Marriage-Oriented Magazines Take on `Divorce Culture': Pushing Matrimony an Uphill Fight
Wetzstein, Cheryl, The Washington Times (Washington, DC)
Millions of Promise Keepers are pledging to work harder at it.
"Covenant marriage" couples in Louisiana are promising to work longer at it.
With all the high-profile attention to marriage, could a magazine devoted to it be far behind?
Married, a glossy quarterly magazine, debuted recently as a project of the Phoenix-based National Association of Marriage Enhancement (NAME).
It joins at least two other marriage-minded magazines. Christianity Today has published Marriage Partnership since the early 1980s, and International Marriage Encounter offers Marriage: The Celebration of Couples.
Married's timing may be providential, since divorce-weary Americans finally may be ready to hear how to find and keep good marriages, says Editor Leo Godzich, a former newspaperman who is now associate pastor at Phoenix First Assembly of God church.
"We just felt a need for a vehicle that would call people back to emphasizing their marriages," Mr. Godzich says. "Most people spend more time planning their wedding than they do their marriage."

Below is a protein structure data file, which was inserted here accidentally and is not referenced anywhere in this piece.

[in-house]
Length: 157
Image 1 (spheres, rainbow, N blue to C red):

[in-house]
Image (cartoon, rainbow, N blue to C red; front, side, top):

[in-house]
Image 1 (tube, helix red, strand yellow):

But such a message runs counter to the "divorce culture" and its widespread acceptance of easy divorce, unmarried couples living together and children born out of wedlock, notes Cristopher Rapp of the Center for the Study of Popular Culture in Los Angeles.
Marriage has become "this temporary thing that is supposed to last as long as it is fulfilling to you and at any time it can be called off," Mr. Rapp says. Changing this attitude will not be easy, he adds.
Marriage is becoming a more fashionable subject, agrees Mike McManus, leader of Marriage Savers Institute in Bethesda.
But promoting marriage remains an uphill battle. Even though statistics show that cohabiting before marriage leads to divorce 85 percent of the time, twice as many people live together as marry, he says, citing new Census Bureau figures.
Mr. Godzich says a 1996 trip to a newsstand with all its magazines inspired Married.
"I saw Us and People and Self and Divorce, but I saw nothing that said `Marriage.' And I thought wouldn't it be great to have a magazine . . . that would give people something to sink their teeth into - practical tips and deep truths that they could build their marriages on," he says.
Mr. Godzich brought his idea to NAME, a new trade association for marriage ministries. "And everyone was in unanimous agreement that if I wanted to bite off that big a bite, let's see if we could chew it," the pastor and editor said.
Married's first issue went to 130,000 persons, most of whom were on the ministries' mailing lists, he says. Now the magazine has about 80,000 subscribers, many of whom paid the $17. …